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Judah addresses Matlacha Civic Association

By Staff | Apr 27, 2016

Former Lee County Commissioner and environmental activist Ray Judah addressing the Matlacha Civic Association last Wednesday. ED FRANKS

Clean water was the topic at the Matlacha Civic Association’s monthly meeting last week. Ray Judah, former Lee County Commissioner and former coordinator of Florida Coastal and Ocean Coalition, made a presentation about the “Sate of Florida/Lee County Waters.”

“Ray Judah is a champion for healthy fisheries and clean water and a long-time friend to Matlacha and Pine Island,” Matlacha Civic Association director Nancy Hindenbach said in introducing the speaker. “Ray also served as our County Commissioner.”

Judah opened his presentation by addressing the Seven Islands project proposal in Cape Coral.

“Before we get into the Everglades and the estuaries, I want to say that the Seven Islands development Cape Coral plans to build is a horror story,” Judah said. “Those seven islands just west of Burnt Store Road are right on the spreader canal. One has to wonder whether removing the boat lift wasn’t part of the plan to allow larger boats and larger homes on the spreader swale.

“The effects on our estuaries from the Cape runoff has, as you know, been catastrophic to the water in the estuaries,” Judah said. “You, as citizens, should take a stand against that type of development. That’s what 20/20 is supposed to be used for. In fact, the very first line describing Conservation 20/20 is, ‘Conservation 20/20 is an environmentally-sensitive land acquisition and stewardship program in Lee County. This program preserves and protects environmentally critical land in Lee County for the benefit of present and future generations in Southwest Florida.’ This Seven Islands land is perfect for Conservation 20/20 funds.”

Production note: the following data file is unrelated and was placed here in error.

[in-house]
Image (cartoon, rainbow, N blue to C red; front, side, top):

Judah then moved onto water quality issues for the are and state.

“The major concern with our estuaries is we either get too much fresh water, heavily laden with pollutants like insecticides, pesticides and fertilizers,” Judah said. “In the lands south of Lake Okeechobee, there are 700,000 acres of Everglades Agricultural area, 440,000 acres are sugar cane fields and south of that is 950,000 acres of Water Conservation area before you get to the Everglades.”

Nature never connected Lake Okeechobee with the Caloosahatchee or St. Lucie rivers.

“Before these were connected, when the lake would overflow, it would drain down to the Everglades,” Judah said. “After Castro took over Cuba there was an interest in creating sugar cane fields in the Everglades Agricultural area. Those sugar cane field actually severed the connection between the lake and the Everglades. Approximately 45 percent of the water is discharged to the west and 25 percent is discharged to the east with the remainder, about 30 percent, going to the Everglades Agricultural area.”

Judah said that the state must find a way to stop the excessive releases to the estuaries and provide more water to the Everglades. That could be accomplished by purchasing land south of the lake.

“But Gov. Scott and the Legislature are against it,” Judah said. “We could even use Amendment 1 money to do this.”

In November 2014 the Florida legislature passed Amendment 1, a measure that designates billions of dollars for conservation over the next 20 years.

“But in order to get this done, you need to become politically engaged,” Judah said. “You need to be a registered voter and get your neighbors and your family and fiends to vote. Special Interests, sugar, has a stranglehold on our Legislature. Ray Rodriguez was the sponsor for the fracking bill which would have absolutely contaminated our most precious aquifer. Voters shouldn’t vote along party lines – they should vote for the candidate that supports clean water.

“On a local level ‘we the people’ need to get involved,” Judah said, “either with phone calls, emails or petitions we can change this. Contact your County Commissioner, your legislators, and even the governor.”